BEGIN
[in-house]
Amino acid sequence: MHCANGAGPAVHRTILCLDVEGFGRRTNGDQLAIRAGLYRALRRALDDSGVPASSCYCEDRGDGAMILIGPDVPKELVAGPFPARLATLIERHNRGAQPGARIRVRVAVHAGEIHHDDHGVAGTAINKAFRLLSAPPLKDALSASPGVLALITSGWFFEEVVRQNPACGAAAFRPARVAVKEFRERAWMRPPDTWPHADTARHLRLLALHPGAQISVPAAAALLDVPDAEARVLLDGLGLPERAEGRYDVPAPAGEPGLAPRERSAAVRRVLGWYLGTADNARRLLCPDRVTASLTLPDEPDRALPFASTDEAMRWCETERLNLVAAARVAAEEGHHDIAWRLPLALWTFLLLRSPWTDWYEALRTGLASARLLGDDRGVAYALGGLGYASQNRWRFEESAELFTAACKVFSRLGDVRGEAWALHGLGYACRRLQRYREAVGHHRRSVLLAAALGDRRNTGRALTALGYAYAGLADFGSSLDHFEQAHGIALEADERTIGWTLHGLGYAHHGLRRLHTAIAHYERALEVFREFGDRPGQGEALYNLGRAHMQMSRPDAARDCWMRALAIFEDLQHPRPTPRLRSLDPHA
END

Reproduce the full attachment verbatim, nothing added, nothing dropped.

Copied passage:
[in-house]
Amino acid sequence: MHCANGAGPAVHRTILCLDVEGFGRRTNGDQLAIRAGLYRALRRALDDSGVPASSCYCEDRGDGAMILIGPDVPKELVAGPFPARLATLIERHNRGAQPGARIRVRVAVHAGEIHHDDHGVAGTAINKAFRLLSAPPLKDALSASPGVLALITSGWFFEEVVRQNPACGAAAFRPARVAVKEFRERAWMRPPDTWPHADTARHLRLLALHPGAQISVPAAAALLDVPDAEARVLLDGLGLPERAEGRYDVPAPAGEPGLAPRERSAAVRRVLGWYLGTADNARRLLCPDRVTASLTLPDEPDRALPFASTDEAMRWCETERLNLVAAARVAAEEGHHDIAWRLPLALWTFLLLRSPWTDWYEALRTGLASARLLGDDRGVAYALGGLGYASQNRWRFEESAELFTAACKVFSRLGDVRGEAWALHGLGYACRRLQRYREAVGHHRRSVLLAAALGDRRNTGRALTALGYAYAGLADFGSSLDHFEQAHGIALEADERTIGWTLHGLGYAHHGLRRLHTAIAHYERALEVFREFGDRPGQGEALYNLGRAHMQMSRPDAARDCWMRALAIFEDLQHPRPTPRLRSLDPHA